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Kurdish Nationalism and Western double standards

ERBIL, IRAQ - SEPTEMBER 25 : A peshmerga force casts his ballot in the Kurdish Regional Government (KRG) controversial referendum at a military polling station in Rashkin village of Erbil, Iraq on September 25, 2017. The non-binding referendum is taking place in areas under the control of the Kurdish Regional Government (KRG) in northern Iraq. According to data released by the KRG Independent High Electoral Commission, over 5 million people are expected to vote in the referendum. ( Yunus Keleş - Anadolu Agency )

Barely a week after the controversial Iraqi Kurdish advisory independence referendum, the Spanish region of Catalonia held a similar vote. The similarities stop there, as the robust reaction of the Spanish authorities to the referendum could not be more different from that of Iraq’s enfeebled leaders and corrupt officials.

By most credible accounts the Spanish authorities have used disproportionate force to suppress an inherently peaceful – albeit illegal – quest for independence. What has been most striking though is not the violence of the Spanish security forces, but the largely muted international reaction to it. Had the Iraqi government used force to disrupt the equally illegal referendum organised by the Kurdistan Regional Government (KRG), undoubtedly there would have been much opprobrium.

The Iraqi Kurdish and Spanish Catalan independence referendums unfolded against a backdrop of similar internal circumstances. Constitutionally speaking, both referenda are illegal and in terms of wider domestic politics the rest of Iraqi and Spanish societies are strongly opposed to secession. Moreover, the broader regional balance of power does not favour secession for fear of touching off a domino effect of destabilisation.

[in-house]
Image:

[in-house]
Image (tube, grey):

Read More: Hezbollah says Kurdish vote a step towards wider Mideast partition

Yet, there is one major difference: the Iraqi Kurds have an army in the form of the Peshmerga which can potentially enforce independence, or failing that an extreme form of autonomy on favourable terms and conditions. Similarly, the irredentist Kurdish nationalist movement in neighbouring Syria is equally well armed and enjoys the same level of support if not recognition from the Western powers.

At this juncture it is worthwhile examining the nature and claims of Kurdish nationalism with a view to pontificating on the effect of potential Kurdish statehood on the Middle East. The Kurds have successfully constructed a nationalist narrative based on victimhood and dispossession.

However, the foundational myths of Kurdish nationalism are nowhere near as dangerous as its contemporary deceptive arguments. The Kurdish nationalist groups rail against “strong” regional states such as Iran and Turkey and call for their dissolution on grounds of fairness and human rights. Yet, these same groups ultimately aspire to a regional Kurdish super-state.

Perennial victims?  

Kurdish nationalism is increasingly identified as one of the most potent political forces in the Middle East. Some analysts even argue that this insurgent force is set to shape the future of the region, likely at the expense of established nation-states.

Read More: Turkey’s Erdogan says Iraqi Kurdish authorities ‘will pay price’ for vote

Most analysts are agreed that the rise of Daesh and allied groups has been a shot in the arms for the nationalist Kurdish groups in Iraq and Syria, and to a lesser extent in Turkey, inasmuch as it has provided these groups with the opportunity to present themselves as the first line of defence against pseudo-jihadist nihilism.